Millennials (20-30 somethings) are often criticized by older generations as being entitled, lazy and self-absorbed. Boomers, like myself, are known to castigate them for pushing against the status quo and tradition. Indeed many in the rising generations push hard against hierarchy. But they also yearn to do something that makes a difference. They pride themselves on being nonjudgmental, and many simply don’t want to be hemmed in. They want to create their own future.
Wouldn’t it be well for older folks to stop and consider what younger generations bring to humanity? If we took the time to better understand their hearts and stopped mischaracterizing, we would likely applaud many principles they embrace. The alternative is to continue being puzzled by them, or worse, calling them names. It may be wise to give ourselves a wakeup call and ask, who raised them?
As a former religious leader with responsibility for young adults, and an employer of over 10,000 millennials over my lifetime, I have a deep love and respect for the rising generations. Rather than adopt the negative labels used to reference them, I have gained an entirely different perspective. I want to thank millennials for so many things.
I thank them for their creativity, their concern for our world and for asking questions. I thank them for desiring to create an inclusive culture, for creating innovations in technology, for being global thinkers who are adventurous and for being motivated by meaning and purpose. I also thank them for their hunger to learn, their sense of optimism, for seeking work-life balance and for prioritizing experiences over rote education.
It is true, the rising generations (like every other generation) have challenges; some significant. One particular challenge has been active religious practice. According to studies in the United States, nearly 60 percent of Christian, 30 percent of Jewish and 25 percent of Muslim young adults enter a religious hiatus of some sort. In fact, many millennials (and increasingly Generation Z teens) characterize themselves as “spiritual, but not religious.”
Another label? Let’s stop and consider what “spiritual but not religious” means in the life of a millennial. Many are finding less fulfillment in religious worship because they believe the bureaucracy of it smothers the spiritual benefits. They don’t appreciate judgment or being judged, which they believe is more aligned with religion than spirituality. In many cases, they are simply trying to chart their own course as they consider how their own up bringing shaped them, while grappling with the world they live in today.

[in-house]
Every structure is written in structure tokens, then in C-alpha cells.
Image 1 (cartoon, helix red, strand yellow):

If one makes an effort to learn the language of the new generations, a bridge can be built for mutual understanding. So I propose that we not try to “fix” them by pushing, pulling or forcing them. Rather, let’s come along side them.
To come along side is to:Comment on this story
- Make wise and loving invitations. Help them find and choose their path.
- Assure your invitations will help them make a difference. They don’t want to just put in their time; they want who they are, and what they do, to make a difference in the lives of others.
- Consider the concept of empowerment. It’s an approach to take as you assist in their journey of discovery.
- Celebrate outcomes as they embark on their endeavors, even if the outcomes are not quite what you expected.
To come along side is to walk a path together. My hope is that, together, we can find a new synergy resulting in true empowerment for all of us.
Steve Hitz is a co-founder of Launching Leaders Worldwide, www.llworldwide.org, a nonprofit organization that provides young adults with tools for personal leadership and faith. He is the author "Launching Leaders: An Empowering Journey for a New Generation."